What is the Normal Force
Suppose an object is lying on a surface. It applies a force due to its weight. According to Newton’s third law of motion, the surface responds by applying an equal and opposite force on the object. The component of this force that is perpendicular to the surface is called the normal force. Since the object remains in contact with the surface, the normal force is a contact force.
The normal force balances the weight of the object. However, if other forces act on the body to displace it, friction comes into play. According to the laws of friction, the frictional force is proportional to the normal force.
Examples of Normal Force
There are many examples of normal force, most of which take place in daily life. These include the force applied by:
- A table on a book lying on top of it
- A wedge on a block lying on its inclined surface
- Earth upon us
- Human hand while holding an object
- A nail on a hammer during hammering
Characteristics of Normal Force
Here are some facts and properties of the normal force.
- Contact force
- Reaction force
- Perpendicular to the surface
- Opposite to the component of the object’s weight that is perpendicular to the surface
How to Calculate Normal Force
The normal force can be calculated using physics principles and balancing the forces using Newton’s laws of motion.
Normal Force Equations
1. On a Horizontal Surface
Suppose a block of mass m is lying on a horizontal surface. Its weight W is mg, and no other forces are applied to it. The table will apply a force FN on the object. According to Newton’s third law of motion, the normal force is equal to the object’s weight. Therefore, the magnitude of FN is given by,
FN = mg
Symbol of normal force: F
Unit of normal force: Newton or N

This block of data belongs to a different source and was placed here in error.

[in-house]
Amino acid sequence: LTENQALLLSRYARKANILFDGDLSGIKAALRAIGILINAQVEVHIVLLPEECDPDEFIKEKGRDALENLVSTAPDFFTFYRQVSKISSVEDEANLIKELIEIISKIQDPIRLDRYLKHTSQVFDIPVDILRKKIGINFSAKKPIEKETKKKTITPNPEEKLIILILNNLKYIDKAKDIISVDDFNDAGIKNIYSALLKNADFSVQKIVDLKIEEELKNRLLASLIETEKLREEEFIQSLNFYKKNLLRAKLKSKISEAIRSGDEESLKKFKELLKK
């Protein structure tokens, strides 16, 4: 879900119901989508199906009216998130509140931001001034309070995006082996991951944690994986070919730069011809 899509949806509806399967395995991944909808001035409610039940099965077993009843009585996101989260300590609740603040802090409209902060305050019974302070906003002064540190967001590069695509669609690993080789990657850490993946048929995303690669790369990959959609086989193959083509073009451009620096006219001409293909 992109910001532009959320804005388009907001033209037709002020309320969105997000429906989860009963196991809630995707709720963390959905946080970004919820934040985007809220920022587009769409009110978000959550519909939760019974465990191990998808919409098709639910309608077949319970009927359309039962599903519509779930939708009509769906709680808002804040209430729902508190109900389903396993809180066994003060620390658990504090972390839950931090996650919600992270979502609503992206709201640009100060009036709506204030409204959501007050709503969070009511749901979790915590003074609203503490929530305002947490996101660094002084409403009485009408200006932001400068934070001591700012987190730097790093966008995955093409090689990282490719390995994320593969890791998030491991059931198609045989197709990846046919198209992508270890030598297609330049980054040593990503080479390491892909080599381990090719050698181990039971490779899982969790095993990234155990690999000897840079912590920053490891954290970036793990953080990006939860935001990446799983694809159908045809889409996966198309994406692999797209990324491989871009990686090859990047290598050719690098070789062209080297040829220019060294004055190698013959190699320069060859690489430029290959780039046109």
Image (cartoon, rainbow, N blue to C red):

Dimensions of normal force: MLT-2
The work done by a force is defined as the force times the displacement.
W = F x d
Since the normal force does not displace the object, so the work done is zero.
W = FN x 0 = 0
2. On an Incline or Ramp
Suppose a block lies on an inclined plane that makes an angle θ with the horizontal. Its weight mg can be resolved into two components – one parallel to the surface and the other perpendicular to the surface.
The perpendicular component is given by mg cos θ. According to Newton’s third law, this force is equal to the normal force.
FN = mg cos θ
3. In an Elevator
Suppose a person of mass m is inside an elevator which is moving upward with an acceleration a. As the person is in contact with the elevator, he experiences an applied force given by,
FA = ma
Aside, the elevator also exerts a force equal to the person’s weight mg. Therefore, the total force exerted by the elevator on the person is the normal force, which is given by
FN = mg + FA
Or, FN = m(g + a)
In this situation, the normal force is greater than the weight of the person.
Suppose the elevator is moving downwards with the same acceleration, then the force experienced by the person is,
FN = m(g – a)
In this situation, the normal force is less than the weight of the person.
Now, suppose the elevator cable snaps. Then, the elevator moves downwards with an acceleration g, and the force experienced by the person is,
FN = m(g – g) = 0
Therefore, the normal force is zero, meaning that the person is not in contact with the elevator floor. This phenomenon is known as a free fall, and the person feels weightless.
Article was last reviewed on Thursday, November 26, 2020